Since 2016, HBR has surveyed law firm library leadership to gain insights into the current state of library operations, including staffing, tools and budget priorities. In 2019, HBR launched the Benchmarking + Legal Information Services Survey (BLISS), providing, for the first time, the ability to segment the data and identify the most relevant information via an interactive dashboard. Not only does the survey provide benchmarking information against which individuals can track their progress, it also yields insights into overall direction as we enter a new decade.
2019 responses suggest that the role of a law firm information professional is changing, and library services are evolving. Post-2008, law firms are operating in a market characterized by increased competition in client retention, business development and lateral partner recruiting and, as a result, the needs of the userbase have changed. Knowledge is power in a competitive market, and as the experts in research and resources, the library is expected act as a strategic partner to the firm. Libraries are adapting their services to become more tactical and managing functional areas like current awareness, competitive intelligence and knowledge management.
The integration of artificial intelligence (AI) and data analytics into research platforms became more common in 2019. Seventy-four percent of respondents have purchased one or more AI tools and, of those, 69% are considering additional tools. As the relationship manager between their law firm and research platform vendors, information professionals support the acquisition of these new technologies. Law firm librarians are also in the position to maximize the ROI on new technology by serving as in-house experts in tool efficiency and providing user training.
Law firm libraries are playing a larger role in competitive intelligence and business development initiatives, with 51% of respondents indicating that they manage these functions. While law firm libraries have been known to conduct competitive intelligence research, we have noticed that the nature of the work is transitioning from curating relevant materials and obtaining pre-packaged reports to analyzing information, adding insights and providing actionable recommendations. In the coming years, we expect to see the maturation of the competitive intelligence function as owned by the library.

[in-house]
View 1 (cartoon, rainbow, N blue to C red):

While information professionals have traditionally operated behind the scenes to provide attorneys with resource and research support, 2019 survey respondent data suggest that they are becoming more client-facing; 74 percent of respondents perform research directly for or with clients on a case-by-case basis. This finding suggests that law firms value the work performed by their information professionals and feel comfortable, in some cases, with removing the library-attorney handoff. This finding may also be client-driven, as efficiency is becoming increasingly important. It will be interesting to see how this trend develops and its impact.
Law firms are bottom-line driven, and libraries understand the importance of communicating the value of their services and resources. Respondents indicated that communication is a top priority, following budget for resources and staff. With library management tools including ILS, resource metering and research tracking, library leadership can communicate their department’s value and identify opportunities for efficiency as supported by data.
As we prepare for the 2020 BLISS survey, we are excited to track these and other trends and watch new developments unfold. Libraries are feeling the impact of the changing expectations regarding the resources and services needed to fully support their users. It will not come as a surprise to industry insiders that librarians are being proactive in their response and preparation for the future state of law firm libraries.